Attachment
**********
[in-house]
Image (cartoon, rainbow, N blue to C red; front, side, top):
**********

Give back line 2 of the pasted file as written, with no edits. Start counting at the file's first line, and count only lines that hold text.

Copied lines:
Image (cartoon, rainbow, N blue to C red; front, side, top):